Assuntos
Bebidas Alcoólicas/provisão & distribução , Abastecimento de Alimentos , Doenças não Transmissíveis/prevenção & controle , Saúde Pública , Produtos do Tabaco/provisão & distribução , Meio Ambiente , Humanos , Restaurantes , Instituições Acadêmicas , Local de Trabalho
12.
BMC Public Health ; 19(1): 1084, 2019 Aug 09.
Artigo em Inglês | MEDLINE | ID: mdl-31399029

RESUMO

The rising global burden of noncommunicable diseases (NCDs) among people with low socioeconomic status (SES) has heightened awareness of the need for primary prevention programs in low-SES neighborhoods. Social inequity in health is apparent in mental, social and physical aspects of health among people living in low-SES neighborhoods. Viewing this problem from a life course perspective and adopting a vulnerable population approach points to the importance of inducing sustainable health behavior changes in children and young people living in low-SES neighborhoods. One important factor in lowering the risk of many NCDs while improving mental health is the promotion of physical activity (PA). In this paper, we argue that lowering the risk of many NCDs and improving mental health is best achieved through setting-based programs that facilitate long-term PA behavior changes in children and adolescents living in marginalized neighborhoods. Empirical evidence indicates that extrinsic motives for participating in physical activities, such as improving health, are insufficient when long-term participation is the goal. Therefore, we argue that interventions with the aim of affecting long-term PA in low-SES neighborhoods and thereby reducing social inequities in health should include activities that aim to create more intrinsic and autonomous motivations by building on more broad and positive understandings of health and participation. Here, we advocate that sports-based recreation (SR) holds several advantages. If implemented well, SR has the potential to be a health-promoting activity that is meaningful and motivating in itself and that involves physiological health-promoting aspects (e.g., PA), a social aspect (e.g., positive relations with others), and a psychological aspect (e.g., positive experiences of oneself). Further, we suggest four practicalities that should be considered when conducting interventions: the cost of participating, the location, the facilities required, and the suitability of the SR activities.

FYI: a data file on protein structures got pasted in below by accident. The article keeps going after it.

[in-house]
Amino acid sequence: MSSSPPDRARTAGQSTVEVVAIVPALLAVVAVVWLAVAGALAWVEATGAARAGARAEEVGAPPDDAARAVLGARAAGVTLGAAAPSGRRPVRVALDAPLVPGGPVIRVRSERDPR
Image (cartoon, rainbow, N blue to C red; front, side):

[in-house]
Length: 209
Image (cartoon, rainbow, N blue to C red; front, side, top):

Assuntos
Promoção da Saúde/métodos , Disparidades nos Níveis de Saúde , Doenças não Transmissíveis/prevenção & controle , Áreas de Pobreza , Determinantes Sociais da Saúde , Esportes , Adolescente , Criança , Feminino , Humanos , Masculino
13.
Artigo em Inglês | MEDLINE | ID: mdl-31370229

RESUMO

Transnational restaurant chains sell food and beverage products in 75 to 139 countries worldwide linked to obesity and non-communicable diseases (NCDs). This study examined whether transnational restaurant chains reformulated products and standardized portions aligned with healthy dietary guidelines and criteria. Firstly, we describe the transnational restaurant industry structure and eating trends. Secondly, we summarize results from a scoping review of healthy dietary guidelines for restaurants. Thirdly, we describe a systematic review of five electronic databases (2000-2018) to identify studies on nutrient profile and portion size changes made by transnational restaurants over 18 years. We used Preferred Reporting Items for Systematic Reviews and Meta-Analysis (PRISMA) guidelines, identified 179 records, and included 50 studies conducted in 30 countries across six regions. The scoping review found a few expert-recommended targets for restaurants to improve offerings, but no internationally accepted standard for portions or serving sizes. The systematic review results showed no standardized assessment methods or metrics to evaluate transnational chain restaurants' practices to improve menu offerings. There was wide variation within and across countries, regions, firms, and chains to reduce energy, saturated and trans fats, sodium, and standardized portions. These results may inform future research and encourage transnational chain restaurants to offer healthy product profiles and standardized portions to reduce obesity and NCD risks worldwide.


Assuntos
/normas , Saúde Global/normas , Doenças não Transmissíveis/prevenção & controle , Política Nutricional , Obesidade/prevenção & controle , Tamanho da Porção/normas , Restaurantes/normas , Qualidade dos Alimentos , Guias como Assunto , Humanos
14.
Cochrane Database Syst Rev ; 8: CD012573, 2019 08 27.
Artigo em Inglês | MEDLINE | ID: mdl-31452193

RESUMO